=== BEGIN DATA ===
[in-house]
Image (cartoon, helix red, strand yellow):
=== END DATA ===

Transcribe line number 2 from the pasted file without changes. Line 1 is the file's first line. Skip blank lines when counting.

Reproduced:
Image (cartoon, helix red, strand yellow):